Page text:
Mathematically, the RMS value of a series of points (or voltages, in this case) is calculated by squaring each point, taking the average of the squares, and then dividing this by the number of voltage points measured. You then take the square root of this number to get the RMS value. (It's literally the __root__ of the __mean__ of the __squares__.) For a simple sinusoid, this works out to be 0.707 times its peak amplitude. It's a type of averaging, though not the same as taking the arithmetric mean of a series of values.

Meters with RMS ballistics are meant to convey some information about the perceived loudness of a signal. They do this better than a peak meter would, as our hearing apparatus perceives loudness not by peak level, but by something closer to RMS level.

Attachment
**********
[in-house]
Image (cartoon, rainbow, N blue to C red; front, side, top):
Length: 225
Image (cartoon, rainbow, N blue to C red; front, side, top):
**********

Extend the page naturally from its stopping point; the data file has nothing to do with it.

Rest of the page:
The RMS of a signal doesn't tell the whole story of its perceived loudness, since one can have two signals with the same RMS and make one sound louder than the other by filtering out its very low frequencies that we do not efficiently hear. It's even possible for a somewhat lower RMS signal to sound louder, depending on its frequency content/balance. This is why simply looking at an RMS meter to decide if your master is competitively loud is insufficient on its own.

-Ben B

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Last edited by Ben B; 15th September 2011 at 08:52 PM..
Reason: incomplete
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